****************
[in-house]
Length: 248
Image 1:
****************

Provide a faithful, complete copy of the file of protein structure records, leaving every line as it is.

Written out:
[in-house]
Length: 248
Image 1: